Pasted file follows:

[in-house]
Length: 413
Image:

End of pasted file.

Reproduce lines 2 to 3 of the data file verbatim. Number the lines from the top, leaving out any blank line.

Length: 413
Image: